Landlords of commercial properties have the right to repossess their property under common law if the tenant breached the terms of their lease, commonly non-payment of rent. Landlords have two options, either forfeit the lease by peaceable re-entry or apply to the court for a writ for possession.
Forfeiture of lease by peaceable re-entry (for non-payment of rent)
The right to forfeit a commercial lease is a type of remedy for landlords. The right to forfeit is a solution for landlords which brings a lease to an end following a tenant’s default of the lease for non-payment of rent.
Forfeiture of lease on this ground is only available if there is an express forfeiture clause in the lease and the conditions are met. For example, the landlords can only forfeit the lease for nonpayment of rent if the lease contains a clause that says the right of forfeiture will be triggered when the tenant falls behind on rent payment. This right cannot be implied.
This right can be exercised in the form of peaceable re-entry. First, the landlord must communicate his unequivocal intention to bring the lease to an end followed by the act of re-entering and securing the premises by changing the locks. This act is commonly enforced by a certified bailiff on the landlord’s behalf. The tenant will know that the lease has been brought to an end from the notices affixed to the premises.
Forfeiture of lease by peaceable re-entry (for breaches other than non-payment of rent)
Before exercising the right to forfeiture for breach of lease clauses (but never for breach of covenant to pay rent), a section 146 (LPA 1925) Notice must be served on the tenant.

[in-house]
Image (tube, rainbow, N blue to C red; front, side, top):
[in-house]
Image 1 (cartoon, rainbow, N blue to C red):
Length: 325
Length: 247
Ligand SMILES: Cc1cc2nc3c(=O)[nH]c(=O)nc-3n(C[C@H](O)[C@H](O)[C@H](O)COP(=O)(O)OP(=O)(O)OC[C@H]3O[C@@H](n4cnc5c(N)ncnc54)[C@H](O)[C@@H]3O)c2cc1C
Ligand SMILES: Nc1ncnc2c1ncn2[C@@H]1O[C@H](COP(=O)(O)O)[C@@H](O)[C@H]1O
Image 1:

The notice served on the tenant by the landlord must:
Once the proper notice has been served the landlord can exercise his right to forfeit the lease by peaceable re-entry or by applying to the court for a possession order.
Applying to the court for a possession order
The guidance in this article should be read in light of the Coronavirus Act 2020, Corporate Insolvency and Governance Act 2020 and associated legislation and procedural measures.
As an alternative to forfeiture of lease by peaceable re-entry, landlords can repossess their commercial property by applying to the court for a possession order. Possession orders can be made in the following situations;
The right of security of tenure allows business tenants to remain in occupation of its rented premises after the end of its lease term. This right is only enjoyed if the lease is a tenancy that is occupied for the purpose of business (s.23(1) Landlord and Tenant Act 1954). If the tenant does ont qualify the landlord has the right to repossess the premises after the expiry date of the lease.
The landlord can make a possession claim against the tenant in the High Court or County Court of England and Wales. A claim form and particulars of claim setting out the facts and grounds of possession should be filed and served properly. The claim will be processed by the courts and a hearing date will be set. At trial the landlord and tenant will argue their respective case and the judge will decide if a possession order should be issued.
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